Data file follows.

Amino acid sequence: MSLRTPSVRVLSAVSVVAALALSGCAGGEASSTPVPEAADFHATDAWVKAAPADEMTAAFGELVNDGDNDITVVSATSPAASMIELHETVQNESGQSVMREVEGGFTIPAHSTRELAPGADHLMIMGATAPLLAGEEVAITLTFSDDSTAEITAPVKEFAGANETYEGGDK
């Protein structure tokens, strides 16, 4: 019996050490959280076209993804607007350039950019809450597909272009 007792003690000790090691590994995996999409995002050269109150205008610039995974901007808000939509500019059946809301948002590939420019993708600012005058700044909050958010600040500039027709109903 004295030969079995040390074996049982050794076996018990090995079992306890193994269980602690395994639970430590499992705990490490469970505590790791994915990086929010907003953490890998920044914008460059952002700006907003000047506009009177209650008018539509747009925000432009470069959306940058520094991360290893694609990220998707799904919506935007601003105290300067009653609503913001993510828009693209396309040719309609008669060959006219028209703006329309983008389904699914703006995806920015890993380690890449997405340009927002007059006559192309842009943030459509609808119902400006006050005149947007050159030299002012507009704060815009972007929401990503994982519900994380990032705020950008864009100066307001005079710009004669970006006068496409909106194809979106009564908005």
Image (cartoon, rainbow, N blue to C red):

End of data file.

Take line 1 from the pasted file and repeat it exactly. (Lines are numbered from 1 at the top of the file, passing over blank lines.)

Amino acid sequence: MSLRTPSVRVLSAVSVVAALALSGCAGGEASSTPVPEAADFHATDAWVKAAPADEMTAAFGELVNDGDNDITVVSATSPAASMIELHETVQNESGQSVMREVEGGFTIPAHSTRELAPGADHLMIMGATAPLLAGEEVAITLTFSDDSTAEITAPVKEFAGANETYEGGDK